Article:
For one thing, young people have responded generously to his call to have children, so they can raise up good Christian families. Many people, he said, were afraid to have children, due to the war. “Why would a person bring a child into the world at this time?” was the common thinking. But he encouraged young people to have faith and said the Church would help take care of them.

And so his archdiocese devised a program, where it would sponsor newborns and help with the children’s needs for their first four years of life. Archbishop Jeanbart said the program has so far succeeded: Last year, his church celebrated the birth of more than 100 children. These newborns have spread hope in the future.

“More and more families are now no longer afraid to have children,” he said. “And I’m happy for them.”

Parishes in this “new Church” have also become real centers of Christian community life. Archbishop Jeanbart told his priests he wanted them to host celebrations every one to two months to give their people “joy and energy.” Often, the celebration is a community banquet, or concerts and theatrical shows. This past Christmas season, they held celebrations for children, families and the elderly.

He also wants to channel the social genius of Aleppo’s women. He has begun to see that women’s clubs are set up in the churches, so the women can socialize and organize themselves over coffee, movies and lectures on various topics and then find ways to support each other and their families.


Life, Hope, Joy — and Ideas

With the rebuilding of his Church on the shoulders of a septuagenarian, Archbishop Jeanbart reflected that he feels as alive as the day he began his priesthood or his episcopate. When  the burden grows heavy, “I go say a few prayers, and then I feel full of life, full of hope, full of joy — and full of ideas!”

The archdiocese already has 22 help programs under way, by his count; a number of them are funded by Aid to the Church in Need, the Knights of Columbus and Catholic Near East Welfare Association. These programs range from schooling, scholarships, food, financial assistance, providing heating units, potable water and paying electric bills.

While the immediate humanitarian aid is ongoing, Archbishop Jeanbart said the “most important project” is the long-term rebuilding of Christians’ homes and businesses through the “Build to Stay” movement. He has anywhere between 50 to 70 volunteers working on this project with him, because these volunteers believe the most important work now is making sure Christians have houses with furnishings to call home, businesses to run and the skills to make their livelihood. The archbishop said the project recently handed out 65 no-interest loans to 65 young people who will rebuild their lives and then pay the loans back “as they can,” over the course of several years.

Archbishop Jeanbart just does not have the Christians remaining in Aleppo in mind with “Build to Stay,” — he also wants to help those Christians who fled Syria and are living now in poverty elsewhere. Many of these refugees, he said, were Syria’s middle class, but now have no work, no income and nothing to eat, living far from home. He wants Christian refugees to know that their home, their Church and their community in Aleppo is waiting for them. At some point, if the Melkite archdiocese gathers enough resources, it will try to help provide people who cannot afford the travel costs a way back to Aleppo. The archbishop said there will be opportunities for work, because Syria — and Aleppo, its economic heart — will have to be rebuilt.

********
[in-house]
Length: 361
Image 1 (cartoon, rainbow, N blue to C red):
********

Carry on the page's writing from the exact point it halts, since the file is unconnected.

“If families come back,” he said, “it will encourage people to stay and others to persevere.”


Christians Key to New Syria

The “Build to Stay” movement is not just important for keeping the Christian life alive in Syria. The movement’s success, Archbishop Jeanbart pointed out, will benefit Syria, because the Church has an essential role to play in restoring civil society in Syria. The stronger the Christian presence in Syria, the stronger the Christian witness that can shape civil society and reconcile the divisions of war.

In Syria, he said, evangelization has to take place “through friendship.” Each Christian, through his goodness, charity, open-mindedness and constancy, “must show them what it is like to be a Christian and show them Christ.”

This means the Melkites have to rebuild and fund their Catholic schools. Right now, Archbishop Jeanbart said, the archdiocese is providing 1,100 scholarships to the students of Christian families that do not have the means to pay. But the schools benefit more than Christians — they also form many Muslim students from families who enroll their children in Catholic schools because they want their children to have the excellence of Catholic education.

“We have many moderate Muslims,” he said, noting that the imam of Aleppo recently invited him and other Christian leaders to a tea party with other Muslim sheiks. Together, they are building the new Syria.

Over the next few months, the archbishop hopes to restore the cathedral in time for Easter. He said it will be “a good sign of hope to everybody.” It will also be a sign of Aleppo’s resurrection.

“The city is ours, the land is ours, Syria is ours, and we have to continue this presence because it is a holy land. Syria is a holy land,” he said. “If I can give my life for that, it will be worth it.”


Peter Jesserer Smith is a Register staff writer. 


Individuals wishing to donate to Archbishop Jeanbart’s “Build to Stay” movement may donate here through Aid to the Church in Need. They must specify their donation is for the Melkite Aleppo Archdiocese’s “Build to Stay” movement.